It Takes A Village… to raise a child. So, I’m asking bloggers from my village to each write a message for me to pass on to my girls. If you’d like to write one, let me know.
This week’s message to my girls is from the gorgeous, talented and vivacious Carly Findlay from the fab blog Tune Into Radio Carly.
Dear Little Words,
You are going to meet so many interesting people in your lives. People from foreign countries with different skin tones, languages and accents. People who have experienced difficult times. People in same sex relationships. People from many occupations (imagine the types of jobs that will be around when you’re grown up!). People with disabilities and illnesses that may look and do things a little differently to you. Diversity is beautiful – and I encourage you to embrace it.
When you see someone in a wheelchair or whose face may look a bit different (like me), don’t be frightened of them. Go up to them and say hello. It’s ok to be curious, as long as you’re not rude. Ask them about their life. Tell them about your life. You may just make a new friend! People from diverse backgrounds will enrich your life so much – they’ll help you to learn and grow and see new perspectives.
Maybe when you’re teenagers, the media will portray diversity in a different way to what its doing now. Hopefully we’ll see a person with a disability on the front cover of a magazine. Hopefully the Nobel Prize Winner will be as popular as Miss Universe. Hopefully we’ll aspire to be as smart or as kind as a celebrity, rather than aspiring to be as thin or as flawless as they look. Try not to worry that you don’t look like the airbrushed women in magazines or the singers who are only popular because they’re not wearing many clothes and dancing rudely around poles and men. Appreciate your uniqueness and know that you are beautiful and perfect without having to change the way you look. Don’t listen to anyone who judges you on your appearance alone – being kind, open-minded and compassionate (and living a great life) is so much more important than looking good.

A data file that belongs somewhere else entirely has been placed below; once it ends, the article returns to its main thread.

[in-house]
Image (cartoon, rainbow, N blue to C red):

There will be times where you’ll want to be like everyone else you know. You’ll want to look like they do, wear the same fashions they are and listen to the music they listen to. Gosh I hope most of the music of today does not become classic like Nirvana (ask your Mum) or Savage Garden (ask me). But I want you to know it’s ok to be an individual. Wear what makes YOU happy! You can wear bootleg jeans when everyone’s wearing skinny leg jeans. It’s ok to be different. You can be the biggest fan of the daggiest singer and feel good about it (but if you’re like me, you probably won’t ever marry that singer!). And it’s ok for others to want to break away from the mould too. They don’t have to follow the crowd. When I reached my mid 20s, I came to love being me – differences and all. And you will love being you too (or U2 – ask Eden;).
So what I’m saying is: appreciate being unique, take the time to get to know those that look a little different, and remember that everyone is beautiful – we all have something to offer this world.
Carly Findlay lives in Melbourne. She’s an appearance activist, blogger and writer, community TV presenter and lover of cooking, live music, fashion and Darren Hayes. She’s about to embark on her first overseas trip to the UK to speak at a university conference about appearance and to the USA to attend BlogHer. So. Freaking. Excited. Carly blogs at http://carlyfindlay.blogspot.com and tweets at @carlyfindlay